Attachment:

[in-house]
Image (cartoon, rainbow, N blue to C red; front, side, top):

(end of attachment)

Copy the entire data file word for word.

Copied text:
[in-house]
Image (cartoon, rainbow, N blue to C red; front, side, top):